We believe that, as communicators, we have a duty to use the information at our disposal to the overall interest of the greater number of people and also to educate, mobilise, inform, create awareness and ensure that we carry people along as we go through the road to Paris. It is imperative that we have a lot of responsibility to carry and we must live up because we must set the pace and the agenda that will ensure the overall interest of our nation.

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Climate change is real and affects all aspects of our lives. We have a duty to put it at the centre of public discourse especially now that the President-elect has emphasised climate diplomacy as one of the issues this administration will address. It is important that we embark on a high level advocacy to sustain it at the centre of public discuss.

The world is in the thick of discussion on climate agreement with world leaders signing an agreement in December. We cannot leave the discussion to a few people because it is an issue that all of us must be involved. In the next few days the Editor of the Guardian of London will be bowing out after 25 years to devote more time to climate change and the attendant issues. There are others around the world that see the climate matters as more than discussion because it is now a development issue. The amount of money available for renewable energy globally is huge and there are others. The recent French support to Africa is substantial and Nigeria must benefit from it.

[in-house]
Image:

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In a presentation, the Climate Leadership Conference, Edward Maibach of George Mason University Centre for Climate Change Communication, USA in his paper titled: “Communicating Climate Change and the case for Action” talked on the need for quality information management and posed the need to answer four key questions:

  • What does the public think of climate change?
  • Who are they listening to?
  • Who do they expect to take action?
  • What do they want to see done?

We must have passion and determination for finding great stories and reporting them in ways that are relevant to our people. Climate change is a hard nut which we must crack. We must all work together to help millions of Nigerians about climate issues and what they mean to us and our lives.

We also must let the developed countries know that we need finance to address the challenges and we need the right technology to tap the opportunities and we need the right capacity building mechanism to train our people towards the path of low carbon economy and move towards green homes, green banking and green way of life.

We all have a common objective which is to improve the lot of our people. We are all stakeholders in the Nigeria project.

By Prince Lekan Fadina (Executive Director, Centre for Investment, Sustainable Development, Management and Environment (CISME). (He is a member of the Nigeria Negotiation Team, Africa Group of Negotiators and member, AGN Finance Co-ordination Committee). Website: www.cismenigeria.com. Email: cismevision@gmail.com. Twitter: @cismevision